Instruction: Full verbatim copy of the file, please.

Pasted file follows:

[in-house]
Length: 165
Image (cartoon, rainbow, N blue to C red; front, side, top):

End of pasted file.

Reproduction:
[in-house]
Length: 165
Image (cartoon, rainbow, N blue to C red; front, side, top):